Jason-3 is a follow on to the Ocean Surface Topography Mission on the Jason-2 satellite (OSTM/Jason-2; hereafter referred to as Jason-2) and represents the first truly operational satellite altimeter for oceanography applications. As an international cooperative mission between NASA, CNES, NOAA, and Eumetsat, Jason-3 continued the decades-long measurements of sea surface height begun by Topex/Poseidon (1992}, Jason-1 (2001), and Jason-2 (2008).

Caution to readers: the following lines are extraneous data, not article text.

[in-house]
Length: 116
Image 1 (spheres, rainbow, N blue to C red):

To conduct its high-precision altimetry mission, Jason-3 carries the same kind of payload as its predecessors. Payload instruments include a Poseidon-class radar altimeter to measure sea-surface height; an advanced microwave radiometer to measure and correct for water vapor along the altimeter's path; and three geo-location systems to ensure accurate knowledge of the satellite's position along its orbit. Jason-3 operated in the same orbit as Jason-2 collected data in the same format, measuring sea surface height with an accuracy of 3.4 cm each second and covering the global ocean once every ten days. Long-time users, and those just discovering the value of Jason sea surface height data can look forward to many more years of high-quality data for scientific, commercial, and practical applications. Jason-3 launched Jan 17, 2016 and is still in operation.